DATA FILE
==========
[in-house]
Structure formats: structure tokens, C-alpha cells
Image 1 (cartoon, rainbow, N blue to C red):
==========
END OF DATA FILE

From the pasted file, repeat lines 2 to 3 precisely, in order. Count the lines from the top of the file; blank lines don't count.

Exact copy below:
Structure formats: structure tokens, C-alpha cells
Image 1 (cartoon, rainbow, N blue to C red):